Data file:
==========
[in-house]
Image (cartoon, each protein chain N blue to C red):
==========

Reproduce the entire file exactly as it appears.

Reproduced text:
[in-house]
Image (cartoon, each protein chain N blue to C red):